However, memory performance can be enhanced when material is linked to the learning context, even when learning occurs under stress. A separate study by cognitive psychologists Schwabe and Wolf shows that when retention testing is done in a context similar to or congruent with the original learning task (i.e., in the same room), memory impairment and the detrimental effects of stress on learning can be attenuated. Seventy-two healthy female and male university students, randomly assigned to the SECPT stress test or to a control group, were asked to remember the locations of 15 pairs of picture cards – a computerized version of the card game "Concentration" or "Memory". The room in which the experiment took place was infused with the scent of vanilla, as odour is a strong cue for memory. Retention testing took place the following day, either in the same room with the vanilla scent again present, or in a different room without the fragrance. The memory performance of subjects who experienced stress during the object-location task decreased significantly when they were tested in an unfamiliar room without the vanilla scent (an incongruent context); however, the memory performance of stressed subjects showed no impairment when they were tested in the original room with the vanilla scent (a congruent context). All participants in the experiment, both stressed and unstressed, performed faster when the learning and retrieval contexts were similar.
This research on the effects of stress on memory may have practical implications for education, for eyewitness testimony and for psychotherapy: students may perform better when tested in their regular classroom rather than an exam room, eyewitnesses may recall details better at the scene of an event than in a courtroom, and persons suffering from post-traumatic stress may improve when helped to situate their memories of a traumatic event in an appropriate context.
Stressful life experiences may be a cause of memory loss as a person ages. Glucocorticoids that are released during stress, damage neurons that are located in the hippocampal region of the brain. Therefore, the more stressful situations that someone encounters, the more susceptible they are to memory loss later on. The CA1 neurons found in the hippocampus are destroyed due to glucocorticoids decreasing the release of glucose and the reuptake of glutamate. This high level of extracellular glutamate allows calcium to enter NMDA receptors which in return kills neurons. Stressful life experiences can also cause repression of memories where a person moves an unbearable memory to the unconscious mind. This directly relates to traumatic events in one's past such as kidnappings, being prisoners of war or sexual abuse as a child.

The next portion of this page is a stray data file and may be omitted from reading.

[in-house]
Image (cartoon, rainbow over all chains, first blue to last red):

The more long term the exposure to stress is, the more impact it may have. However, short term exposure to stress also causes impairment in memory by interfering with the function of the hippocampus. Research shows that subjects placed in a stressful situation for a short amount of time still have blood glucocorticoid levels that have increased drastically when measured after the exposure is completed. When subjects are asked to complete a learning task after short term exposure they often have difficulties. Prenatal stress also hinders the ability to learn and memorize by disrupting the development of the hippocampus and can lead to unestablished long term potentiation in the offspring of severely stressed parents. Although the stress is applied prenatally, the offspring show increased levels of glucocorticoids when they are subjected to stress later on in life.
Making memories occurs through a three-step process, which can be enhanced by sleep. The three steps are as follows:
- Acquisition which is the process of storage and retrieval of new information in memory